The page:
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Proceedings Paper

Partitioning mechanisms of masking: contrast transducer versus divisive inhibition
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Paper Abstract

The properties of spatial vision mechanisms are often explored psychophysically with simultaneous masking paradigms. A variety of hypotheses have been proposed to explain how the mask pattern utilized in these paradigms increases threshold. Numerous studies have investigated the properties of a particular origin of masking hypothesis but few have attempted to compare the properties of masking at several points in the process. Our study isolates masking due to lateral divisive inhibition at a point where mechanism responses are combined, and compares it with masking of the same target due to a nonlinearity either intrinsic to a mechanism or directly operating on the response of a single mechanism. We also measure the slopes of psychometric functions to examine the relationship between uncertainty and mask contrast. Studies of simultaneous masking utilizing a pedestal mask (an identical test and mask pattern) have measured facilitation for low contrast masks. This decrease in threshold from the solo target threshold is commonly referred to as the 'dipper' effect and has been explained as an increase in signal-to- noise ratio from the high unmasked level occurring as the visual system becomes more certain of target location. The level of uncertainty is indicated by the slope of sensitivity to the target as a function of target contrast in the threshold region. In these studies, high contrast masks have evoked an increase in target threshold. There have been many theories explaining this threshold increase. Some suggest that masking is the result of an intrinsic nonlinearity within a mechanism or of a contrast nonlinearity that operates directly on the output of a single mechanism. Others put the source of masking at a gain control operation which occurs when a surrounding set of mechanisms divide the response of a single mechanism by their summed response. Still others attribute the masking to noise that is multiplicative relative to the neural response signal, or noise that intrudes on the detecting mechanism from neighboring mechanisms. A detailed review of this debate is provided by the paper by Klein et al., 3016-02 in this Proceedings. Threshold elevation functions that show the relationship between mask spatial frequency and masking magnitude cannot illuminate this debate, as we demonstrated at ARVO (1994). For that study, we generated threshold elevation functions (the ratio of unmasked versus masked target threshold) for multi-channel systems using computational models that invoked either divisive inhibition, a set of transducer nonlinearities or multiplicative noise. Threshold elevation functions were indistinguishable when each masking process was assumed to have similar strength. These results led us to design the experiment presented here, which attempts to compare the effects of two of these masking processes, lateral divisive inhibition and nonlinear transducer compression.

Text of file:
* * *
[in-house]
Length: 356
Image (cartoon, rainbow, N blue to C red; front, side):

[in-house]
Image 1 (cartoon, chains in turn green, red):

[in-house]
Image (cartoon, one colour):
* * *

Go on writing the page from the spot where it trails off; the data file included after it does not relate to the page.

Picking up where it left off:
Paper Details

Date Published: 3 June 1997
PDF: 9 pages
Proc. SPIE 3016, Human Vision and Electronic Imaging II, (3 June 1997); doi: 10.1117/12.274550
Show Author Affiliations
Lauren Barghout-Stein, Smith-Kettlewell Eye Research Institute (United States)
Christopher W. Tyler, Smith-Kettlewell Eye Research Institute and Univ. of California/Berkeley (United States)
Stanley A. Klein, Smith-Kettlewell Eye Research Institute and Univ. of California/Berkeley (United States)

Published in SPIE Proceedings Vol. 3016:
Human Vision and Electronic Imaging II
Bernice E. Rogowitz; Thrasyvoulos N. Pappas, Editor(s)

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